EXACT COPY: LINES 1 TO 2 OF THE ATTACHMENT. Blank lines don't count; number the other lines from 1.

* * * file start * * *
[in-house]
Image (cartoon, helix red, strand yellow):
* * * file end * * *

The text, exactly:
[in-house]
Image (cartoon, helix red, strand yellow):